Aside from Al's typically thorough suggestions, you should not be alarmed at what is expected of you for any Navy work. If you have worked with any of the ASME or AWS Codes then you will easily relate to Navy welding requirements.  They have a different emphasis on essential variables, different permitted base materials, limits on welding wire & fillers, record keeping, etc., etc., but the method to qualify procedures and welders is very much the same.  I suspect your company will be a shop oriented "build-to-print" operation and one happy thing to keep in mind is that every Government procurement office has an equipment specialist or equipment engineer that should provide you with any technical guidance that you may need on the equipment or components you are making. If your contract requires you to submit weld procedures for NAVSEA approval, then the contract will detail how to do this.  If your contract does not specifically tell you to submit procedures for NAVSEA approval then the Level III individual that Al mentions may have procedure approval authority.  You should clarify this with the contract specialists.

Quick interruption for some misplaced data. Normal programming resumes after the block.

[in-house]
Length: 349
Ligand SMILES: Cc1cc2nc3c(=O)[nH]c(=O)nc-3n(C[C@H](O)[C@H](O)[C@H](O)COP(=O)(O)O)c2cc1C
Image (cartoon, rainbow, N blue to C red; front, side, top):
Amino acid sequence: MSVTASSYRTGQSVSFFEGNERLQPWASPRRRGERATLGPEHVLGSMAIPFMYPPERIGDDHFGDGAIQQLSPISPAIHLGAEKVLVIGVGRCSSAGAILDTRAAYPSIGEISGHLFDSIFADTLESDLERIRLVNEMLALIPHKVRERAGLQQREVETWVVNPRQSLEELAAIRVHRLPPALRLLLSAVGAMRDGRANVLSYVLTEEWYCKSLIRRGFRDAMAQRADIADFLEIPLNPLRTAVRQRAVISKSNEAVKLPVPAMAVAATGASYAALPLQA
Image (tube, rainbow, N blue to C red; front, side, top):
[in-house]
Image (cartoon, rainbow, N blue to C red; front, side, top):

One spec that Al didn't mention is Mil-Std-271 which describes the methods of inspection AND also the Level III personnel which he mentioned must be certified IAW this document which further invokes another standard,  American Society For Nondestructive Testing (ASNT) document SNT-TC-1A. This is a standard for certification of commercial NDT inspectors.   So your welding Level III can be either certified directly by NAVSEA or (more likely) certified by an ASNT authorized school. Either certification will be valid in the eyes of the Mil-Std-278 folks.